Yes, You Can Tell Stories As A Comedian

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yes2One of the more recognizable so-called comedy “experts” has made it a point to say that if you are telling stories as a comedian, you aren’t doing stand-up comedy.

That is 100% false.

Obviously, this particular comedy “expert” has never heard of or listened to some popular and hilarious story telling comedians like:

[one_half]- Bill Cosby
– Tim Allen
– Bill Hicks
– Paula Poundstone
– Jeff Foxworthy[/one_half][one_half_last]- Ron White
– Katt Williams
– Bill Engvall
– Eddie Izzard
– Gabriel Iglesias[/one_half_last][divider]

And the growing list goes on and on.

In my own stand-up comedy material, if I hadn’t have been able to tell stories, I would have probably had less than 5 minutes of comedy material.

Here’s the deal with telling stories as a comedian:

1. You must still be able to generate 4-6 laughs per minute, which means your stories must be structured to deliver 4-6 punchlines per minute.

Otherwise, you will be giving a lecture.

2. To deliver headliner level material, you must be able to generate a minimum of 18 seconds of laughter per performing minute.

Story telling comedians will ALWAYS have a big advantage over joke telling comedians because of this one simple fact:

The longer you can stay on a single topic (which telling a story allows you to do), the set-up needed to get the laughs is greatly reduced.

In other words…

Once you are on a topic and have set it up properly, the audience already knows what you are talking about — so you can spend more time getting to the “meat” of the issue or topic (which also means getting more laughs).

It’s also far easier to generate a substantial quantity of stand-up comedy material to work with on any give topic, subject, experience, etc.

Topic based stand-up comedy material also tends to be far more personalized than with the production of individual jokes, making it more difficult for another comedian to steal.

But like I said earlier, the goal is to generate 4-6 quality laughs per performing minute no matter what type of stand-up comedy material they deliver.

It is at that level that comedians really begins to draw attention to themselves and their comedy talent and are afforded bigger and better performing opportunities.

Early in my stand-up comedy career I got to see two particular comedians who were on the same ticket — Steve Kelly (feature act) and Bill Engvall (headliner).

Steve Kelly is a joke telling comedian and very effective at it, delivering one single “joke” after another. And he did generate good laughs during his show.

But when Bill Engvall who is a story telling comedian hit the stage, the difference in the audience laughter generated was like night day.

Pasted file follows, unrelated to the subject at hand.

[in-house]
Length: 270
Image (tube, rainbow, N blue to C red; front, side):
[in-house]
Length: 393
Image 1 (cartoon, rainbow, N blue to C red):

The audience was laughing so hard and so frequently that they could barely catch their breath. Collectively, they were waving back and forth like wheat in the wind because of the laughter levels generated.

My sides were sore for a couple of days from that show because I had laughed so hard myself.

So when it comes to laughter generation, it is very hard to get bigger and more frequent laughs on stage than with topic based stand-up comedy material that is properly structured to get maximum audience laughs every minute.

That’s what the Killer Stand-up Online Course is all about — topic based comedy material development.

Joke telling comedians have to constantly set-up each new joke, premise, concept, idea or set of jokes, making it much more difficult to “get on a roll” with an audience.

Not to mention that developing “jokes” one at a time is far more difficult as well.

So, yes you can tell stories on stage as a comedian. And if any so-called comedy “expert” says you can’t…

Cover your wallet — you are about to be scammed.

About 

Leading stand-up comedy educator and trainer, providing proven 21st century strategies and techniques for individuals who wish to become comedians on a professional level. For a detailed stand-up comedy resume go to: Steve Roye’s Stand-up Resume.

3 thoughts on “Yes, You Can Tell Stories As A Comedian

  1. The secret to storytelling (at least for me) is the shorter the setup the better. They need to start laughing from the beginning. The preacher in me is not shortwinded. I can take awhile to setup where I sm going. But in comedy, words need to be at premium. Every phrase I say that is classified as a S (that doesn’t get a laugh), makes the goal of 4-6+ laughs a minute harder to reach!

  2. Being new to stand up, most of my material is drawn from my past. First, I would write/say the story, then edit it down to the important facts. Put them in bullet point form and derive jokes/punchlines from each bullet point. I would keep in mind any tangent sub stories I could derive from each bullet point but then go back and try to tell the story with joke/punchlines inserted. Also I would keep in mind if I could tell the story from an unusual point of view, i.e. from the dog point of view or the car POV.

    • Your comment is right on the mark! Structure is the key to being able to say what you want to say AND get the punchline frequency you need to slay an audience.

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